Mark Donne: Young voters are much more discerning than you think

The biggest off-put seems to be the arena itself and the cosiness of the club

The attitude of young voters towards politics and the coming election may be a mass of contradictory colour, but it is not without definite outline.

On the surface, this demographic of, roughly speaking, 18-25s might seem a lost cause. Generational affiliations to Labour or the Tories have faded as quickly as the values traditionally associated with either party, and research by the Hansard Society suggests well over half of 18 to 24-year-olds may not be registered to vote at all.

In 2005, 60 per cent of the country inked the power-giving box, but only 37 per cent of 18-25s made the effort. Often despaired of as the turbo-consuming, piratical downloading, Google-searching have it alls, uninterested in national or global affairs, these young people have been patronised by the parties with Notting Hill Carnival baseball cap photo-ops and text messages promising unlimited drinking hours.

Such a misguided assumption – as pollsters and wonks from all the major political parties now realise and fear – is streets away from the truth. With almost 70 per cent enjoying daily online engagement, this vast shoal is by far the largest demographic group to suck in information and regularly share it. And a new study conducted by the Instigate Debate project – a cultural collective of musicians and writers looking to galvanise youth interest in current affairs, of which I am part – shows that political disaffection may be a consequence of well-informed opinion, rather than a lack of it.

The biggest off-put for young voters seems to be the arena itself and the cosiness of the club – that is, a belief in the unhindered ability of corporate media and corporate lobbying monoliths to terrify and bribe would-be governments, to the extent that actually entering high office is seen as a walk-on part in a horribly predictable farce.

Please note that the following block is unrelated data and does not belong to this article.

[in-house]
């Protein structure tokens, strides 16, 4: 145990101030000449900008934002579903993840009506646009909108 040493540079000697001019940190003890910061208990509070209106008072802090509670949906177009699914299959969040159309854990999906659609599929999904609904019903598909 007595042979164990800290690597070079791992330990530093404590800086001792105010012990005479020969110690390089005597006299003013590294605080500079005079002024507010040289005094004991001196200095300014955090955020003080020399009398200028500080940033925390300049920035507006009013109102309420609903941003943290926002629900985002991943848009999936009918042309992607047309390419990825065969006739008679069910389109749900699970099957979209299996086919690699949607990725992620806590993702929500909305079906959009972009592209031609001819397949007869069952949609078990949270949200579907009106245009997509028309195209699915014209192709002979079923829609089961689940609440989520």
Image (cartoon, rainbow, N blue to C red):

Positively, 80 per cent of online respondents to our survey declared an in-principle intention to vote, but when asked about feelings towards the political class and workings of state, one single element proved not only poisonous enough to deter this critical act, but also persuaded many from any kind of civic or political engagement at all. Some 71 per cent cited "large corporations" as the most negative effect on life in the UK – this was up against options such as immigration or crime – and most disconcertingly, 80 per cent said the government of the day, of any colour or stripe, is most greatly influenced in policy direction by corporate power; ahead of choices such as the personal convictions of party leaders or the desires of the electorate.

Not all, but a significant section, of these all-consuming, logo-kitted, lifestyle-conscious individuals are feeling the attrition of 360 degree market-branding and targeted advertising. They are tolerating but also rejecting mass media and "savvy" product associations, and are seeking out something which suggests integrity to them. They are receptive to the single issue, more exotic clarion calls of NGOs because they do not perceive a vested interest.

The attitude of younger and first-time voters may not quite reunite them with the loftier, radical aspirations of their parents' youth, but it is unquestionable that they want to see a fairer, greener world. A study by Nuffield General Election Studies showed that if only the votes of young people were counted, Labour would have won every election in the past 40 years. But a new mistrust of the avaricious branch of the New Labour project will make young voter behaviour more volatile than ever.

Too many are put off by the queasy intimacy of politics and trans-national dominance. Neither the Tories nor the Liberal Democrats seem more ready to deal with this unedifying equation with the necessary teeth. So is the political party over, or can the main parties forge a new covenant of trust, unpolluted by corporate interest, or self-interest? The mechanisms of British politics and the regulations around influence upon its practitioner must change, and fast.

The next six years, not six electioneering weeks, will show whether it can, and whether the Facebook generation likes it.

The Independent and Instigate Debate launch "Is the Party Over" debates and live events today